While there is a new bridge built next to it, you can walk on the old picturesque Quelhue Bridge over the Trancura River. It’s used by the locals and now a tourist attraction. The Trancura River has white water rafting as well as fly-fishing. Home to hundreds of volcanoes, you’ll be able to see three spectacular ones from this bridge.
In the heart of the lake district is Pucon, a lovely town nestled beside Lake Villarrica with the smoking Villarrica Volcano as a picture-perfect backdrop. Villarrica Volcano is one of the most active volcanoes in Latin America. It is an adventure wonderland due to its beautiful landscape and number of glaciers. You can climb by foot to the crater for a spectacular 360-degree view or ski down its slopes. If you didn’t know that you were in Chile, you might think you were in an Alpine town in Europe. The town is small and easy to walk around and it is the base for a number of nearby excursions. Take in a thermal pool or volcano climb or bask on the black sand beach.
Pucon has a bit of an aristocratic air to it. It was once the home of foreign fishers, artists and intellectuals. Today, you can stay in a hostel or a luxurious night at the casino.
So clear. The lakes in this area distinguish themselves because of their
enduring crystallinity due to underground drains. During the winter, the
toxins received during the summer, are drained. The region is sparsely
populated so the waters are not affected by agriculture. So, transparency and purity are maintained. Lake Caburgua is one of the last Chilean lakes unspoiled by algae.
And then there’s Patagonia, a region encompassing the vast southernmost tip of South America shared by Chile and Argentina with the Andes Mountains as a dividing line. The Argentinian side features arid grasslands, steppes and deserts but on the Chilean side you’ll find glacial fjords and temperate rainforests.
Definitely plan a visit to the Torres del Paine National Park. This park has mountains, glaciers, lakes and rivers. Paine means “blue” in the native Tehuelche (Aonikenk) language. It is pronounced PIE-nay. You will be dazzled by the bluest waters which release their heavenly hues into the glaciers that often are found floating on top. Not only blue but often jutting up like mountains of diamonds glistening in the sun – quite dramatic.
Speaking of drama, the Torres del Paine are the distinctive three granite peaks of the Paine mountain range. You won’t miss them as they soar some 8,200 feet above sea level. The valleys and lakes in this area are perfect to see from atop of a horse or hiking one of the many trails. TripAdvisor has ranked this stunningly gorgeous area as the 8th Wonder of the World.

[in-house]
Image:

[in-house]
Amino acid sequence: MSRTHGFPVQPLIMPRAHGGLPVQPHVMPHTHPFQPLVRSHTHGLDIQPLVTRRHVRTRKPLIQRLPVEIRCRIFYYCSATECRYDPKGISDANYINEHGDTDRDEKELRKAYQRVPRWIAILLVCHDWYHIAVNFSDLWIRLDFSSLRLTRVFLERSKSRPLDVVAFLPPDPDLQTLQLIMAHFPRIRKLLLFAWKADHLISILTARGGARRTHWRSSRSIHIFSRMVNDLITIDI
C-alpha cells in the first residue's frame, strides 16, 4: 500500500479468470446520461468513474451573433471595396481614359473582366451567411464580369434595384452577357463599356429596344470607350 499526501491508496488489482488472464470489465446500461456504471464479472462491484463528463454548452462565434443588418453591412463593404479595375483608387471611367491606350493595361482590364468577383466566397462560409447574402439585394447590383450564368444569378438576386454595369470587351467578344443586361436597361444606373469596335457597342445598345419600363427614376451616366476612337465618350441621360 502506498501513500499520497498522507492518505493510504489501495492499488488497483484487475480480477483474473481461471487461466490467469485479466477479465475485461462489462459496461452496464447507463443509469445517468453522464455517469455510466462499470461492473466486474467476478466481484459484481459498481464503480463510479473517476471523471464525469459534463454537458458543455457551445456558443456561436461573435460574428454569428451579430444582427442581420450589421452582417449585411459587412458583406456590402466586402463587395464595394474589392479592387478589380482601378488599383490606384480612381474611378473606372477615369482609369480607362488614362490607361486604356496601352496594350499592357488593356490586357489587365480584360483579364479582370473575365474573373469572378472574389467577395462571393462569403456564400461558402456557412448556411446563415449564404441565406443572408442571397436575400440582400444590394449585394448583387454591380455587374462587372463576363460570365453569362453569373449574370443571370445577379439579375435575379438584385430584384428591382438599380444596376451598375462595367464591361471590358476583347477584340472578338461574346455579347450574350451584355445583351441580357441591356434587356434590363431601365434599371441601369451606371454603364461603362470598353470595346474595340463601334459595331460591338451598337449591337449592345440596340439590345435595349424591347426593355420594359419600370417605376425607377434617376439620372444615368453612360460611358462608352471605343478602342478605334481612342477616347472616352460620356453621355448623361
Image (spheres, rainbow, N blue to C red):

Forming a long row of black silhouettes against a setting sun, Easter Island is known for its nearly 1,000 extant monumental statues, called moai, created by the early Rapa Nui people. It is one of the most isolated islands on Earth. It is officially a Chilean island at the southeasternmost point of the Polynesian Triangle in Oceania some 2,300 miles from Chile’s west coast and 2,500 miles east of Tahiti. The creators of these magical giants were master craftsmen and engineers. It is still unknown exactly why they were built in such numbers and scale averaging 13 feet in height and weighing 13 tons. Wonder how they moved them around the island? Plan a visit if you can.
If you are into star gazing, the atmosphere in the mountains in the northern part of Chile is excellent because the air is so clear. In fact, recorded to have 300 clear nights a year. Naturally, there are several observatories in thearea.
Blessed with extraordinary natural beauty, Chile is also home to nine different indigenous groups. The largest one is the Mapuche, followed by the Aymara, the Diaguita, the Lickanantay and the Quechua peoples. Take advantage of opportunities to visit and learn about their cultures. Each has their own customs and traditions.
Chile is blessed with very diverse landscapes from dry deserts to icy slopes, it has excellent culinary treats from street vendors to fine restaurants, great beer and wine – in fact, a burgeoning microbrewery scene – art, history, culture and magnificent natural beauty.
Chile has a little bit of everything and more. Oh, I don’t want to leave out something for you sports enthusiasts. The Pan American games will be held in Santiago, Chile in October 2023. Try a visit before and I’m sure that you will want to return.
Good things come in small packages. Traveling in a smaller group ensures that you will have a more intimate experience and the flexibility and freedom to explore. Biotrek Adventure Travels offers just such a package for the discriminating vagabond.
Visit www.biotrekadventuretravels.com or contact 540-349-0040
Anita Sherman is the community editor for the Fauquier Times, a freelance writer and a sometimes-itinerant traveler. You may reach her firstname.lastname@example.org